Deliveries of new aircraft were down dramatically in the first half of 2020, according to the General Aviation Manufacturers Association (GAMA), which released its first-half report today. All segments, compared to this time last year, were down in double digits through the end of June but certain categories were particularly hard hit. Helicopters overall were down almost 40 percent, while turboprops and business jet deliveries fell by 34 percent and 27 percent, respectively. Piston aircraft were the lone bright spot, if you can call a reduction in deliveries by 13 percent good news. The total value of deliveries in the second quarter was $5.3 billion, which makes to total billed to date in 2020 down 20 percent from last year. Remember that 2019 was an up year for the industry.
“It should come as no surprise to anyone that the COVID-19 pandemic severely impacted the general aviation industry and its global operations in the second quarter,” said GAMA President and CEO Pete Bunce. “During those months, while the global aerospace supply chain was significantly degraded and national, state and local pandemic restrictions changed routinely on both sides of the Atlantic, many companies supplemented their activities to support the health care response with the manufacture and distribution of personal protective equipment. With facilities conducting operations in a ‘new normal’ work environment, what has been very encouraging is that the supply chain has begun to stabilize and robust screening procedures and innovative work station COVID-19 mitigation protocols have resulted in very few virus transmission incidents.”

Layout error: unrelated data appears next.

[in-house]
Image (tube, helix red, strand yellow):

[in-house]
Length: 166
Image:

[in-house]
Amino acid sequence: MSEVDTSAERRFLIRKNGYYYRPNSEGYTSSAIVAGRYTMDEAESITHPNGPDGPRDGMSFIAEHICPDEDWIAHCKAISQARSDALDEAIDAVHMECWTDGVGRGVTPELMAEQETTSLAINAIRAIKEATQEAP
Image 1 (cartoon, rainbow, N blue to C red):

Aircraft manufacturers generally saw gradual increases in volume during the second quarter of 2020 despite the onset of Coronavirus-related slowdowns in manufacturing and supply chain. Overall, piston aircraft saw an increase in deliveries in the second quarter compared to the first: 278 vs. 219 units. Cirrus deliveries slowed a bit in the second quarter, from 85 to 74 units, but Textron Aviation’s overall portfolio held largely steady, increasing from 93 units in the first quarter to add 98 in the second, led by 51 Skyhawks delivered from April to June. Piper, meanwhile, picked up the pace in Q2, putting 60 aircraft out the door in Q2, compared to 25 in Q1; most of those were Archer IIIs—45 were delivered in the second quarter.
“While continued mandated and voluntary restrictions on international business travel are producing stiff headwinds, flight activity for business aviation has appeared to return to around 85 percent of pre-pandemic levels in U.S. domestic airspace while piston, turboprop and rotorcraft flight activity has actually increased,” GAMA’s Bunce says. “Many travelers have also opted to explore the utility of general and business aviation for the first time, which we hope will translate into future customers for the incredible and versatile products and services our industry has to offer.”